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Also there came to her here one MarginaliaWilliam and Iohn Kede, two godly brethren.William Kede, and Iohn his brother, not onely brethren in þe flesh, but also in the truth, and men in that countrey of great credit, whose father Robert Kede all his life suffred nothing but trouble for the Gospell. These ij. good and faithfull brethren were present with her both in the hall and also at the prison, & (as they reported) they neuer heard the like woman: of so godly talke, so faithfull, or so constant, and as godly exhortations she gaue them.

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Thus this good matrone, the very seruant and handmaid of Christ, MarginaliaThe constancie of thys woman many wayes tryed.was by many wayes tried, both by hard prisonment, threatninges, tauntes, and scornes, called an Anabaptist, a mad woman, a drunkard, a whore, a runnagate. She was proued by liberty to go whether she would: she was tryed by flattery, with many fayre promises: she was tryed with her husband, her goods and children: but nothing coulde preuayle: her hart was fixed, she had cast her anker, vtterly contemning this wicked world: A rare ensample of constancie to all professors of Christes holy Gospell.

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In the bil of my information, it is so reported to me, that albeit she was of such simplicity and without learning, yet you could declare no place of Scripture but

she would tell you the chapter: yea she would recite to you the names of all the bookes of the Bible. For which cause one Gregory Basset MarginaliaGregory Baßet a rayling Papist. a rancke Papist sayd, she was out of her witte, and talked of the Scripture as a dogge rangeth farre of from his master when he walketh in the fieldes, or as a stolen sheepe out of his master handes, she wist not wherat, as all heretickes do, with many other such taūtes, which she vtterly defied. Whereby as almighty God is highly to be praysed, workyng so mightily in such a weake vessell: MarginaliaThe constant pacience in this woman and Martyr to be men of stronger and stouter nature haue also to take example how to stand in like case: when as we see this poore woman, how manfully she went through with such constancie and pacience.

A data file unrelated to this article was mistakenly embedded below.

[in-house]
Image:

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At the last, when they perceaued her to be past remedy, and had consumed all their threatninges, that by neither prisonment not libertie, by manaces nor flattery they could bryng her to sing any other song, nor win her to their vanities & superstitious doinges, then they cried out, an Anabaptist, an Anabaptist. MarginaliaThe woman brought from the Bishops prison to the Guild Hall.Thē at a day they brought her from the Byshops prison to the Guild hall, and after that deliuered her to the temporall power accordyng to their custome, MarginaliaExhortations to haue her recant.where she was by the Gentlemen of the countrey exhorted yet to call for grace and to leaue her fonde opinions: And goe home to thy husband (sayd they): thou art an vnlearned woman, thou art not able to aunswere to such high matters.

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MarginaliaThe constant standing of this woman.I am not, sayd she: yet with my death I am content to be a witnes of Christes death: and I pray you make no longer delay with me: my hart is fixed, I will neuer otherwise say, nor turne to their superstitious doinges.

Then the Bishop sayd MarginaliaBlasphemy of the Byshop.the deuill did lead her.

No my Lord (sayd she) it is the spirite of God which leadeth me, and which called me in my bed, MarginaliaHow God reueiled hys truth vnto her.and at midnight opened his truth to me. Then was there a great shoote and laughyng among the Priestes and other.

During þe time that this good poore womā was thus vnder these priestes handes, amongest many other baitynges and sore conflictes which she susteined by thē, here is moreouer not to be forgotten, how that M. Blaxton aforesayd, beyng treasurer of the Church, had a concubine which sondry tymes resorted to him, with other of his Gossips: so that alwayes when they came, this said good woman was called forth to his house, there to make his minion with þe rest of the company, some mirth, he examining her with such mocking and gyring, deridyng the truth, that it would haue vexed any Christian hart to haue seene it. Then whē he had lōg vsed his foolishnes in this sort, and had sported him self inough in deriding this Christen Martyr: in þe end he sent her to prison againe, & there kept her very miserably, sauing that sometimes he would send for her when his foresaid gest came to him, to vse with her his accustomed folie aforesaid. But in fine, these vile wretches (after many combates, & scoffing persuasiōs) whē they had played the part of the Cat with the mouse, at length condemned her and deliuered her ouer to the secular power.

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MarginaliaIudgement geuen agaynst this good woman.Then the Inditement beyng geuen & read, which was, that she should go to the place whence she came, and frō thēce to be led to þe place of execution, then and there to be burned with flames till she should be consumed: she lifted vp her voyce, MarginaliaShe thanketh God for her iudgement geuen.and thanked God saying: I thanke thee my Lord my God, this day haue I found that which I haue long sought. But such outcries as there were agayne, and such mockynges, were neuer seene vpō a poore seely womā: All which she most paciently tooke. And yet this fauour they pretended after her Iudgement, that her life should be spared if she would turne & recant. MarginaliaAgayne she denieth to recant.Nay that will I not (sayd she): God forbid that I should lose the lyfe eternall for this carnall and short lyfe. I will neuer turne from my heauenly husband to my earthly husband: from the fellowship of Aungels to mortall children: and if my husband,